Anyone who holds conversations via GIF, meme and/or emoji likely understands that evolving communication technologies and media platforms breed evolving requests for user inclusion. While many users celebrated the digital visuals of darker-skinned people and families with same-sex parents, people who live with disabilities have not yet seen their experiences readily reflected through emojis.

Technology giant Apple wants to include a guide dog, a person in a wheelchair, a prosthetic limb and a service dog, among others characters that would technologically reflect varying levels of human ability. The company submitted a proposal this month to the Unicode Consortium, the non-profit entity that sets emoji standards, on emoji accessibility.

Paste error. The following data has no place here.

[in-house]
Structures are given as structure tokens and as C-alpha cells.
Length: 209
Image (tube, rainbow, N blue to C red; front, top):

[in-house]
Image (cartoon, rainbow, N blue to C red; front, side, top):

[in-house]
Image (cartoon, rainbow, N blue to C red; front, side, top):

“…Emoji are a universal language and a powerful tool for communication, as well as a form of self-expression, and can be used not only to represent one’s own personal experience, but also to show support for a loved one,” the company stated in its proposal. 

Of course, this proposal is not an Earth-shattering instance of policy change. However, the proposal is of human interest and is also timely, given societal reliance on technology. About 95 percent of Americans currently own a cell phone. Of that number, nearly 80 percent own smartphones, according to the Pew Research Center.

In its proposal, Apple identified the need to reflect physical disabilities affecting vision, hearing or loss of physical motor skills, as well as more hidden, “invisible” types of disability, but also acknowledged that the company’s emoji proposal is non-exhaustive.